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The Device is essentially a three-hander involving two sisters, estranged, and one's fiancé. Abby and Rebecca Powell (Angela DiMarco and Kate Alden) haven't seen each other for over a decade, reuniting for a road trip to spread their mother's ashes at a secluded lake. They stay at a nearby family cabin, a cabin they were warned not to venture. A traumatic event in the girls' past is alluded to involving the younger Rebecca. As they spend more time together we find out more about it especially when a strange ball-like object is found and they attempt to fathom out its purpose. It is then that Abby becomes troubled by dreams involving an alien. Everything is spelt out for the viewer but alas appears to allude our protagonists as they struggle to make sense of it all.
The film's title would lead one to believe that the thrust of this flick is sporting action, indeed American audiences at the time were left scratching their heads at the lack of such action. Rollerball's is more talkative with an Orwellian slant predicting a near future society where corporations rule the world. The team sport of Rollerball serves to remind the easily-led global masses of the futility of individual effort and of how much better their lives are now that the corporations take care of our needs, controlling access to housing, food, luxury and transport.
And that's not all, the corporations also control other aspects of your life. Your wife can be taken from you at any-time and given to another man who has more social status than that afforded to you. This rather miserable change of fortune has plagued Rollerball's top world player Jonathan E. (James Caan) as he pines for his relocated wife. If that wasn't enough injustice Jonathan is now being asked by company representative Bartholomew (John Houseman) to retire from the game he excels at for 'the common good'.
The Kingdom, or Riget as it was known in its native country, was created by Danish enfant terrible Lars von Trier. Broadcast in two seasons (1994 & 1997), with four episodes in each, The Kingdom is now finally available for the first-time ever in the UK on DVD in its original broadcast form.
Prior to this DVD release it had been edited into a five-hour movie for the UK and American markets. Both seasons are rightly highly regarded by critics and fans and have won a number of awards as well as a deserved cult following. Shot documentary-style and given a healthy dose of humour that doesn't jar with the central premise makes for solid entertainment.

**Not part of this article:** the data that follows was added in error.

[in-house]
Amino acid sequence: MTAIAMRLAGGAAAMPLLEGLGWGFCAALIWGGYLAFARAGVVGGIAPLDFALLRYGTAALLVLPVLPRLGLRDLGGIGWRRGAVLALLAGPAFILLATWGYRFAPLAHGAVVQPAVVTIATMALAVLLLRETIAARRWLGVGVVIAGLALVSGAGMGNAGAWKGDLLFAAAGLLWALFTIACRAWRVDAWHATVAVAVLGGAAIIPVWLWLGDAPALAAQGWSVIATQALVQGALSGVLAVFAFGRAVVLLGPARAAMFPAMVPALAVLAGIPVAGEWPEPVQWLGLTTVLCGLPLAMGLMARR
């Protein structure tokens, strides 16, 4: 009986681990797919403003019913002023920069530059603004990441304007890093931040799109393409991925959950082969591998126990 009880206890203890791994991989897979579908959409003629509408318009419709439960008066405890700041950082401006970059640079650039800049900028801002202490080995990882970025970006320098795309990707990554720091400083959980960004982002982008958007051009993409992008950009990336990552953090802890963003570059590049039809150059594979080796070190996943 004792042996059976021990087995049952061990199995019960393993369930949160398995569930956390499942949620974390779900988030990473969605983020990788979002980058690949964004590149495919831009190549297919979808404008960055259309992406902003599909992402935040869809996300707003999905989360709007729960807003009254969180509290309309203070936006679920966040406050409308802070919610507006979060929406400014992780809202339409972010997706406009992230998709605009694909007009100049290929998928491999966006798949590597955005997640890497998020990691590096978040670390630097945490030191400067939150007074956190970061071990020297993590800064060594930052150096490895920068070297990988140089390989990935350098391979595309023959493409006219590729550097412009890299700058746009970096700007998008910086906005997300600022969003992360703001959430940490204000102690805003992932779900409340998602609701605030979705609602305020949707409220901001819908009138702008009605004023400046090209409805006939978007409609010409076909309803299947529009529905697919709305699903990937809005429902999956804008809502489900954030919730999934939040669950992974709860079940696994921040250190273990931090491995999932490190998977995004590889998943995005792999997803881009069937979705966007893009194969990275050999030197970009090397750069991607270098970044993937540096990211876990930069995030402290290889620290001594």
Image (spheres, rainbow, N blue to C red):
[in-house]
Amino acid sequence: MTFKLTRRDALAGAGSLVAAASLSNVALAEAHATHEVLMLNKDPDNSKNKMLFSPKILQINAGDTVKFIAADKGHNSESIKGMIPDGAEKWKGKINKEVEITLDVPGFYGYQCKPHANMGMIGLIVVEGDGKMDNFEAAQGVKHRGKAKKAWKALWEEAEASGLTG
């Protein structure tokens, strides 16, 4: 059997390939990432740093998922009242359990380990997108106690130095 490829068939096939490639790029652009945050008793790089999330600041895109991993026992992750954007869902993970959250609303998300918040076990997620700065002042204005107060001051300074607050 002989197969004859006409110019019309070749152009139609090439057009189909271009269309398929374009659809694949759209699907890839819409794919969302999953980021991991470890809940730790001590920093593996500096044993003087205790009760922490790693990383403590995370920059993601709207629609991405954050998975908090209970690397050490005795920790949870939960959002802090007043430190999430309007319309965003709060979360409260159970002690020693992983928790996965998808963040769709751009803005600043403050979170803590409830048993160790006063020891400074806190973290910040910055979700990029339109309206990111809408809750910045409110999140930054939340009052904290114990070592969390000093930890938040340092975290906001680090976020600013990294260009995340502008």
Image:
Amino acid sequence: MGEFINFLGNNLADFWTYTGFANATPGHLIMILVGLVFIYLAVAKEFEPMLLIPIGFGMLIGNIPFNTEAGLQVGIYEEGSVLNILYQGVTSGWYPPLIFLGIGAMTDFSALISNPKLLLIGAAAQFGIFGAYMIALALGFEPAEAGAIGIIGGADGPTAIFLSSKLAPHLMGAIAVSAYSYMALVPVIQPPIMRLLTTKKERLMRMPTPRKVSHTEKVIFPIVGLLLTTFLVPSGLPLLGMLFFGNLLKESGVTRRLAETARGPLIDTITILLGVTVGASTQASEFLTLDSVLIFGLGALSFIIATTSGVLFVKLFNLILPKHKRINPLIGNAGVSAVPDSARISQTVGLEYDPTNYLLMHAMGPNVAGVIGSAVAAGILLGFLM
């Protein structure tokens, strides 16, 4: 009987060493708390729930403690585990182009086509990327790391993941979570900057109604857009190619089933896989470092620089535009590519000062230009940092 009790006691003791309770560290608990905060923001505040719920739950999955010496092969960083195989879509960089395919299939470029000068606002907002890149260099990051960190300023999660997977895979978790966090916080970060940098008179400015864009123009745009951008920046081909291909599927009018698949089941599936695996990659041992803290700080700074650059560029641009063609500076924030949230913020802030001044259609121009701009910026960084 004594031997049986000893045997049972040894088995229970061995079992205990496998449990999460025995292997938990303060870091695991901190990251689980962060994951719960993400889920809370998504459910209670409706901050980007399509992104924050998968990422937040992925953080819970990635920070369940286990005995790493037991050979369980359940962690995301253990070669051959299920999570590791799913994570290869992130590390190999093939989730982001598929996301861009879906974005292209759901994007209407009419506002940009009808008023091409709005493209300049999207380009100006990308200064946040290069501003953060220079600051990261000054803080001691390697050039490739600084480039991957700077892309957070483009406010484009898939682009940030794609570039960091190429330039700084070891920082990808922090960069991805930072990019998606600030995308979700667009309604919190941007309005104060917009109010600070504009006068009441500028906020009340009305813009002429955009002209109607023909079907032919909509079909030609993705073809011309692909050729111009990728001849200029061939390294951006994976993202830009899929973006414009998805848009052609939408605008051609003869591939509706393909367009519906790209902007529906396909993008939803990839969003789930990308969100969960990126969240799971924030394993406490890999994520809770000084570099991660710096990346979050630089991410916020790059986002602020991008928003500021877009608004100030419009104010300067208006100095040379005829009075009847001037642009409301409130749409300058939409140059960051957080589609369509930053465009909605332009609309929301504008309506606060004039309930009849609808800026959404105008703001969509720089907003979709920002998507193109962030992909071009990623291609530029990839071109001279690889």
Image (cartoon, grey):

In Copenhagen's Rigshospitalet the neurosurgical staff, plus one particularly inquisitive patient-cum-psychic, find that it's not just petty internal squabbles that threaten to undermine the city and country's main hospital's general well-being. There are dark forces and supernatural occurrences threatening to take control.
Following on from Son of Frankenstein, The Ghost of Frankenstein sees the rather bonkers Ygor find the Monster preserved in sulphur, whilst he is fleeing the destruction of their castle by villagers. As the odd couple flee, rather surprisingly, no one notices a limping hunchback or a hulking presence doing their best to tip-toe out of the castle and into the surrounding countryside.
Upon being struck by lightening, the Monster perks up a bit, rather than suffering any ill-effects. Ygor gets to thinking that perhaps they should visit Frankenstein's original son Ludwig (Sir Cedric Hardwicke from The Ghoul and The Invisible Man) with a view to working on keeping the Monster alive.
Things were never going to be smooth going for the Monster, where even a friendly gesture towards a young girl ends up freaking out the local villagers and sees the Monster in court. Ludwig is reluctant to get involved, fearing that doing so would ruin his life as it did for both his father and brother. Blackmailed by the naughty Ygor, Ludwig concedes to the hunchback's plans, all the while seeking to destroy the Monster...That is until he is visited by the ghost of his father Henry.
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- The Device (2014) Review
- Rollerball (1975) Review
- The Kingdom I & II (1994) Review
- The Ghost of Frankenstein (1942) Review
- The Comedy of Terrors (1963) Review
- Wes Craven’s New Nightmare (1994) Review
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- The Girl Who Knew Too Much (AKA La ragazza che sapeva troppo) (1963) Review
- The Texas Chainsaw Massacre 40th Anniversary Edition (1974) Review
- The 'Burbs (1989) Review